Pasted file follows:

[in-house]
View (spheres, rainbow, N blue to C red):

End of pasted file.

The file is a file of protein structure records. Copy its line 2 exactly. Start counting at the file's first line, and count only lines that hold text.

View (spheres, rainbow, N blue to C red):